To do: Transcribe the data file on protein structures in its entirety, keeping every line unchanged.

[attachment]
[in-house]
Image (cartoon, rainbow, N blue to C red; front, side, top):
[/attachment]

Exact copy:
[in-house]
Image (cartoon, rainbow, N blue to C red; front, side, top):